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Federal Bill Would Provide Billions for Illinois Pension Crisis Relief

The Illinois pension crisis continues to be the worst in the country. According to a state financial report, Illinois pension funds currently have a shortfall of $137 billion, meaning that only 40 percent of pensions for teachers, state workers, judges, public university employees and local government employees are actually funded. A federal bill called the Taxpayer Protection Act, introduced by U.S. Rep. Darin LaHood (R-Illinois), could help alleviate the crisis. Aimed at compensating states for revenue loss caused by the COVID-19 pandemic, the act would require Illinois to implement pension reforms to receive federal financial assistance.

Illinois has a total of 667 public pension funds across the state, covering over one million retired workers. Over the last 20 years, pension spending increased by 500 percent, creating a deficit estimated as high as $241 billion by an independent study. Numerous factors have contributed to the problem, including budget mismanagement.

If passed, the Taxpayer Protection Act would allow states to receive forgivable loans from the federal government to cover revenue losses related to COVID-19. Illinois would be eligible to receive approximately $3.1 billion in loans over the next two years.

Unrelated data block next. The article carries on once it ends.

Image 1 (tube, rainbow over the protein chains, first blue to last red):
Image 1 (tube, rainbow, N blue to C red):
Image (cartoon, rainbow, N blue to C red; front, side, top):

However, to qualify for loan forgiveness, Illinois would need to implement structural reforms to address and resolve issues surrounding its pension crisis. They include the following:

  • Debt reduction — Illinois and other states that are suffering from unmanageable pension debt would have to reduce their deficits to affordable levels without penalizing taxpayers. The bill requires states with larger populations to eliminate pension debt within 25 years.
  • Balanced budget — Although the Illinois constitution requires a balanced budget, it allows spending based upon estimated funds available, which creates a wide loophole. To qualify under the proposed law, Illinois could not divert funds or use money from other accounts to balance its budget.
  • Rainy-day fund — The law would require 5 to 10 percent of state revenues to be saved in a fund to deal with emergencies and recessions without significantly raising taxes or cutting services. Illinois had practically no funds in its rainy-day account when the pandemic struck, compared to an average 8 percent of revenues reserved in other states.

If a state fails to meet these conditions, it must repay the loan with interest. What’s more, an interest penalty will be imposed on states with poor credit ratings, like Illinois. Though the law will make a sizable dent in the state’s problem, challenges remain that may require public pension fund trustees to take legal action.

Schwartz & Kanyock, LLC handles a wide variety of matters concerning Illinois public pensions, including representation of public pension trustees in suits to intercept state monies payable to government authorities that owe pension payments. Please call us at 312-436-1442 or contact us online to schedule a consultation at our Chicago office.

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